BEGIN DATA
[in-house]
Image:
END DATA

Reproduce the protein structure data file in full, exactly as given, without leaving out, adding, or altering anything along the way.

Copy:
[in-house]
Image: